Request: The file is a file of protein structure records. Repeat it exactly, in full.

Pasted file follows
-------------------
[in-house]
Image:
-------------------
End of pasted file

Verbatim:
[in-house]
Image: